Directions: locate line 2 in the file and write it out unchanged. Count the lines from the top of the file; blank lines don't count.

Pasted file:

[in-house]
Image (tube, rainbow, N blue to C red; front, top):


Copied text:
Image (tube, rainbow, N blue to C red; front, top):